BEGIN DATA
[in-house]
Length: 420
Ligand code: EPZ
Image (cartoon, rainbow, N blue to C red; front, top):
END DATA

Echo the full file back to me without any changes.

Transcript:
[in-house]
Length: 420
Ligand code: EPZ
Image (cartoon, rainbow, N blue to C red; front, top):